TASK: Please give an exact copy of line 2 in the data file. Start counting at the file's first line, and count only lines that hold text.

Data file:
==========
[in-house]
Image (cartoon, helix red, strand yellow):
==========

Image (cartoon, helix red, strand yellow):